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From Trocchi to TrainspottingScottish Critical Theory Since 1960$
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Michael Gardiner

Print publication date: 2006

Print ISBN-13: 9780748622320

Published to Edinburgh Scholarship Online: March 2012

DOI: 10.3366/edinburgh/9780748622320.001.0001

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The Idea of Resistance

The Idea of Resistance

Chapter:
(p.5) Chapter 1 The Idea of Resistance
Source:
From Trocchi to Trainspotting
Author(s):

Michael Gardiner

Publisher:
Edinburgh University Press
DOI:10.3366/edinburgh/9780748622320.003.0009

This chapter presents ideas that will prove central and the promise of Scottish Literature standing on its own feet, unbeholden to notions of genre, omniscience, and empire. It explains that resistance can be linked to the psychosocial backbone of this transition: the notion of persons in mutual resistance, sharing a present time in tactile communication, as against the visual — which causes a split in the time it takes light to move — is something shared by both Scottish literary thought since about 1960 and what is known as theory. In this sense, much theory is related to Scotland. It observes that the manifestos of the French thinker Paul Virilio produced with Claude Parent, representing the Architecture Principe group in 1966, overlapped with Kenneth White's Jargon Group papers, the Sigma Group manifestos of Alexander Trocchi, the popular and underrated mid-1960s phase of R. D. Laing, and numerous other counter-cultural experiments in Scotland.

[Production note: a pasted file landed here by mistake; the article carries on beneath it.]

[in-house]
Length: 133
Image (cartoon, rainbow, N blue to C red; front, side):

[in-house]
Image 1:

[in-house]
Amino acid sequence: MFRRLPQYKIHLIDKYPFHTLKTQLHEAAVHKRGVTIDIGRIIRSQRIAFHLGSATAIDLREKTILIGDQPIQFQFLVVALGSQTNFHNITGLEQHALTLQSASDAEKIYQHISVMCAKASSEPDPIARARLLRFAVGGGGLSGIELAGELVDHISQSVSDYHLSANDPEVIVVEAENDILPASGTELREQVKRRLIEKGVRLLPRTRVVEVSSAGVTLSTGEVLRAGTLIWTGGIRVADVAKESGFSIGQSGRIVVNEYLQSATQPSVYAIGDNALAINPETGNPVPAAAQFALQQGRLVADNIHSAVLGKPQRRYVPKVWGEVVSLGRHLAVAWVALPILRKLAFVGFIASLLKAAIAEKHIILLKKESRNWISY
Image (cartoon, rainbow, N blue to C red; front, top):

Keywords:   Scottish literature, resistance, Paul Virilio, Claude Parent, Architecture Principe, Kenneth White, Jargon Group, Sigma Group, Alexander Trocchi, R. D. Laing

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